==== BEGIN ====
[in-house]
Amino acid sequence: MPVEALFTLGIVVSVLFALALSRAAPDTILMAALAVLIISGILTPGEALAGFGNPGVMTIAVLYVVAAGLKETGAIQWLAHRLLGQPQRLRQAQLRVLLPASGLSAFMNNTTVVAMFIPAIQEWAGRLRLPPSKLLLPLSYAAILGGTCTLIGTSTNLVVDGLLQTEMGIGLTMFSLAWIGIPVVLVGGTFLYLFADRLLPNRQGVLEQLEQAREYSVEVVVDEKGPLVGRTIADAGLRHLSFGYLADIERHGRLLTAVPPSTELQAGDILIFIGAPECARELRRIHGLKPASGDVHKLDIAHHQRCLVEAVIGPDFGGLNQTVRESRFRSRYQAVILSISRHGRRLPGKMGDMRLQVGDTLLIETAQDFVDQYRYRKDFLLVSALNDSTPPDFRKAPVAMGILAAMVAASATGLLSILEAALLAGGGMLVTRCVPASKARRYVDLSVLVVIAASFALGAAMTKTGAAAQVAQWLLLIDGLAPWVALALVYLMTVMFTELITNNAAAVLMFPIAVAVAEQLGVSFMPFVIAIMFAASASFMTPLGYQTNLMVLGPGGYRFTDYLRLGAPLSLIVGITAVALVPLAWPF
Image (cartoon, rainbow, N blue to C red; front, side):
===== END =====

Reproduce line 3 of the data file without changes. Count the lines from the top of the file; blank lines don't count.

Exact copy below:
Image (cartoon, rainbow, N blue to C red; front, side):